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The Two-Foot Rule

The Two-Foot Rule

When pressurized air comes upon a takeoff for a branch run it loses its turbulent flow. This can cause the duct to overwork.

The solution is to use a larger fitting on the takeoff, such as an HETO (High-Efficiency Takeoff). These are more expensive but worth it for the airflow they provide.

Round Takeoffs

Duct takeoffs play a major role in ensuring the airflow in a duct system is properly balanced and distributed to all rooms in a home or commercial building. The wrong type of takeoff can reduce the overall effectiveness of the ductwork, leading to higher energy costs and/or a shortened lifespan for an HVAC unit.

The main purpose of a duct takeoff is to transfer air from the trunk line into the new branch run that will service an individual room or area. A takeoff that is too small or positioned in the wrong location can negatively affect the airflow in the resulting branch duct, so it’s important to choose the right fit for the job and install it correctly.

A round duct takeoff is the most common type of fitting for a duct branch. This style of takeoff is inexpensive, easy to install and works well on most jobs. The most basic round duct takeoff has a c-collar (or side collar) that taps into the flat duct surface. This type of takeoff captures the full amount of air moving quickly thru the trunk lines upstream of it and disperses it evenly in the direction the duct will flow.

There is a more efficient version of the round takeoff that’s becoming more popular on engineer drawings called an HETO or High Efficiency Takeoff. This type of takeoff has a wider base than a traditional shoetap HETO and allows the installer to direct the airflow into the branch duct. It’s also priced in the more expensive range but offers a better airflow performance than a standard round takeoff.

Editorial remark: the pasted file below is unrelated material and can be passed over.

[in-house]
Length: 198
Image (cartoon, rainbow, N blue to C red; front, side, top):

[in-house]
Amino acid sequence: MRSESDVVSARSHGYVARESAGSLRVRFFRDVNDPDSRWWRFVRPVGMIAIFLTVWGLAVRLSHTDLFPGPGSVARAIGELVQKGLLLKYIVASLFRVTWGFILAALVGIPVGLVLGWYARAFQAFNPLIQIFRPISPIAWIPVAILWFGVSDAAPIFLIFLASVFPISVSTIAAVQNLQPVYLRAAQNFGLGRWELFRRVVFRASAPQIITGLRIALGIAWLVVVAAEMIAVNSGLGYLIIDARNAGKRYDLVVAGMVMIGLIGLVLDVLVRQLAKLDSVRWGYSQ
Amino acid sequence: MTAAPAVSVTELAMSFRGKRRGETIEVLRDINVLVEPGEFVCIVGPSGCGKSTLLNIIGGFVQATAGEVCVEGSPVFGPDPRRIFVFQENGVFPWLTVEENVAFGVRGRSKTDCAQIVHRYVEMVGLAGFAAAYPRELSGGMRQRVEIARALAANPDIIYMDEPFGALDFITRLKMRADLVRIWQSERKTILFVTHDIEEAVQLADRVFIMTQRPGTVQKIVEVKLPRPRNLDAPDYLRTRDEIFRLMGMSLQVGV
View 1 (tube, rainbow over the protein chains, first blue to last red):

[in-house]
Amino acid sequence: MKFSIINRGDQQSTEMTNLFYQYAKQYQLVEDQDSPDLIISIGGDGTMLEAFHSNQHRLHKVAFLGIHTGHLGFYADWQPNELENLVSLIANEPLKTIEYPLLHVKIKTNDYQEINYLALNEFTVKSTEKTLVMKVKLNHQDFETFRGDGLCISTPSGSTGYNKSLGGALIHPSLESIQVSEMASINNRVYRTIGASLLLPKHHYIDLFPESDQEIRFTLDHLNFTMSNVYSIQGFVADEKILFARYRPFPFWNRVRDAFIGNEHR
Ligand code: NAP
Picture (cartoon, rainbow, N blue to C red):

Directional duct takeoffs may look good on paper, but they can cause more problems than they solve in the field. When two directional takeoffs are installed too close together the air pressure in each one drops dramatically, making it difficult for them to tap off of the trunk line at the same rate.

A duct takeoff that is too large can result in poor distribution of air throughout the duct system. This can cause uneven temperatures, dust and other debris in the room, as well as excessive noise from the airflow. The most effective duct takeoffs are those that match the diameter of the branch duct they’re connecting to. If the duct takeoff is too large it will require a larger-than-normal branch duct that will add cost and weight to the overall ductwork. In most cases, a properly sized takeoff can be tapped into a circular or rectangular duct with an adhesive foam gasket that creates a tight seal and allows the duct to operate at its optimal performance. A specialized duct tape can be used on more complex projects.

Conical Takeoffs

Takeoffs that transfer air from the main trunk line to a branch run should be as efficient as possible. This will allow the installer to deliver a room’s conditioned air as quickly and consistently as possible. The most common takeoffs are round, but there is a significant airflow penalty associated with these types of fittings. There are other takeoffs that improve the airflow performance, but these are often more expensive and can cause a disruption in the airflow pattern downstream of the fitting.

Directional takeoffs, which have some form of metal scoop or extractor, grab the air from the duct and direct it into the branch duct. While these do improve the airflow at the first branched-off duct they are connected to, they can cause problems in downstream branch ducts that can be compared to traffic jams when one lane of a highway is blocked off. These types of directional takeoffs can reduce the flow from a correctly-sized duct by 25-30 percent.

The best commercial takeoffs are rectangular-to-round (often called HETOs) that offer easy air entry via an oversized duct opening. These are available in a wide range of sizes and many include a preinstalled balancing damper for additional control. I see more of these being specified on engineer drawings than the standard saddle tap style that is usually used in residential jobs.